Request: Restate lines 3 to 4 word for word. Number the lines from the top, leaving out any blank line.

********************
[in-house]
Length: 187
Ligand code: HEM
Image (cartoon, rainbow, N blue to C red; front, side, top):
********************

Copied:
Ligand code: HEM
Image (cartoon, rainbow, N blue to C red; front, side, top):